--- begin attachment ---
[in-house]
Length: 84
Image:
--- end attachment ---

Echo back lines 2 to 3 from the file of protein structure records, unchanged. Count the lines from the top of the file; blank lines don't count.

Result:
Length: 84
Image: